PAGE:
Friday, 15 September 2017 06:46

Landowners raise their voices for the Government to acknowledge better public land use management

Written by  Demi Knight
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The Yellowstone to Yukon Conservation Initiative released a short video project Aug. 24 displaying landowners’ thoughts throughout the Porcupine Hills to Livingstone region across the eastern slopes of the Rocky Mountains about having better public land restrictions for Off-Highway Vehicles (OHVs).


The ‘Voices from the Land’ video project was brought to light to present the government with landowners’ thoughts from long-standing personal experience on the matter of public land-use throughout the region.
Connie Simmons, program co-ordinator at Yellowstone to Yukon Conservation Initiative, says
it’s important for the government to hear these voices when considering new land management systems.
“Right now, the Government of Alberta is working
on land-use recreation and planning processes, and during this time, it’s important to hear from the people who live adjacent to those lands with their land wisdom and long-standing knowledge of this region.”
This video series was an idea Yellowstone to Yukon Conservation Initiative officials came up with to best represent voices of those who not only live on the land, but have spent generations caring for it and watching as slowly over the years problems of
over-use, pollution, noise and disruption became more prominent.
“The pace and scale of use within these areas has caused noise and disruption,
it’s above and beyond what the land can handle,” says Simmons. “There’s even impacts with displacement of wildlife and these landowners, well they’ve seen it more and more, they’ve experienced it, so, listening
to their local knowledge and wisdom is important.”
Throughout the video series, 10 land stewards tell their stories of why public
land is so important to preserve and their experiences with increasing traffic.
Simmons says it was easy to get participants to be a part of this series.
It’s an issue many local landowners feel passionate about.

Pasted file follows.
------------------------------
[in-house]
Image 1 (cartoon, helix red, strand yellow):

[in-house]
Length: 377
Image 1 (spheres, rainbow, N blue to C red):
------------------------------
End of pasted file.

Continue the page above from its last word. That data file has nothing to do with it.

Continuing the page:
“We sent out an invitation, and it was open ended, people only had to respond if they wanted too. And we asked simple questions such as, ‘What have you seen? What do you think would be a good solution? What is your land ethic?’”
Simmons adds people were fast to reply with their own views on the land that has surrounded them for as long as they could remember.
“People definitely responded. These people have been here for multiple generations and they want to keep the land safe, see wildlife, and have good water. It’s that simple.”
Provincial government officials are currently working on developing a recreation plan for the Porcupine Hills and Livingstone region under the South Saskatchewan Regional Land Use Plan, meaning now was the perfect time to ask the government to listen to the voices of those who
have seen damage occur from unmanaged use of public lands escalate throughout the years.
Although it can be noted, it is not the intention
of the landowners as well as Yellowstone to Yukon Conservation Initiative to get rid of OHV use on public lands, but to just better manage them. Through the video series officials also hope to encourage the government to ensure more space is available for other quiet recreation activities such as hiking trails, hunting and fishing within their new management plan, says Simmons.
“In southern Alberta, about two per cent of the population use OHVs, so it’s important to address how many other Albertans need places on these lands to engage in activities such as hiking and fishing, as well as a plan on how to actually manage all these kinds of recreation.”
With scientific analysis showing over OHV use can cause detrimental impacts on forestry and water resources, it is important for the government to acknowledge the need of updated managements for these activities to best preserve wildlife, water resources and the beauty of southern Alberta lands.

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